Fuel Cells/Stationary 040708

Fuel Cells/Stationary
 (June 2004) The American Council for an Energy-Efficient Economy  studies fuel cells for distributed generation (DG).   A few points in the study, “Stationary Fuel Cells: Future Promise, Current Hype, ” include the following:
-> Polymer Electrolyte Membrane Fuel Cells (5-10kW) will most likely be the dominant technology for residential and small commercial sectors
 -> Fuel cells are not currently cost-effective compared with other  generation technologies. Equity research from CIBC reports that manufacturers need to at least triple or quadruple their production capacity by year-end 2004 to bring selling price of units down to the $1,500 -$2,000/kW range.
 -> One of the greatest barriers to the installation of fuel cell and other  DG systems lies in the complicated  and lengthy plant siting and permitting process.
 -> The technical problems and cost  issues relate to four areas:
a) stack life - 50,000 hours are needed to gain a significant  market share.
b) fuel reformers - The overall efficiency of fuel reformers combined with efficiency of the fuel cell stack sometimes falls below 40%.
c) power electronics and overall system integration - Inverters and other power electronic components remain significant costs to the over all fuel cell system.
d) broader market barriers -  Market awareness, infrastructure, market/regulatory treatment for low emission systems, and interconnection costs need to be addressed.
-> Since manufacturing capability is still low, the technical potential will remain rather small until 2012.

The study includes information on the Phosphoric Acid Fuel Cell (200kW), the Solid Oxide Fuel Cell (200-250kW), the Molten Carbonate  Fuel Cell (250kW - 2,000kW) and the Polymer Electrolyte Membrane Fuel Cell also known as the “Proton  Exchange Membrane Fuel cell” (5-10kW).  The  complete study, Report Number IE041, can be downloaded free at http://aceee.org.pubs/ie041.htm.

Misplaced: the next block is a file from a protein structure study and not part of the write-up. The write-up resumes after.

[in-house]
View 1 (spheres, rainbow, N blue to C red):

Microsoft Excel ChartInformation is from a report, “North American Stationary Fuel Cell Markets,” Frost & Sullivan, 2003. +
(August 2003) FuelCell Technologies installs pilot VOC reformer and SOFC (Solid Oxide Fuel Cell) system at the Ford Motor Company’s Dearborn Assembly Plant to transform waste gases into energy.  The pilot system consumes emissions from Ford’s vehicle paint shop and turns them into electrical energy and heat for the facility.

FuelCell’s Energy’s Direct FuelCell(R) power plant, the DFC 1500 receives certification from American National Standards Institute.  The one megaWatt power plant is the largest power plant to be certified under the Institute’s Z21.83 Products Safety Standard.
GM unveils its first planned commercial fuel cell product. The HyUPS system , a backup power generator, is about the size of a refrigerator and can generate up to 24 kiloWatts for up to two hours. This generator can be used to keep wireless phone towers operating through power outages. Hydrogenics Corp., a partner of GM, along with Nextel Communications, Inc. will field-test the unit in California in the early months of 2002. Other companies involved in the development of this technology are Quantum Technologies Worldwide, Inc. and Giner Electrochemical Systems.(12-01 BD69-11)
Dreams of the New Power Grid
After years of touting the availability of stationary fuel cells, the implementations have not met expectations. Plug Power put at 5 kW prototype system in a New York home but pulled it out two years later. The systems are too inefficient and expensive, as perceived by 36% of Popular Science Web site visitors who indicated reliability concerns. Present pricing of $6,000 per kW must come to below $1,000/kW to become interesting to homeowners. Despite the lack of progress, projections are that by 2031, 99% of homes will have fuel cell power. The biggest catalyst for residential stationary power is an environmental crisis or a political problem which leads to the shortage of oil. Platinum, for both the reformer and stack, is not produced in the U.S. but must be acquired from politically unstable regions.
Popular Science
March 2002, pp.60-63